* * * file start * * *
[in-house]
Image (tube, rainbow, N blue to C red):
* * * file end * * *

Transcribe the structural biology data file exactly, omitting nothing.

[in-house]
Image (tube, rainbow, N blue to C red):